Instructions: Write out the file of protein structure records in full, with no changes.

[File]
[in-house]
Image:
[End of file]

[in-house]
Image: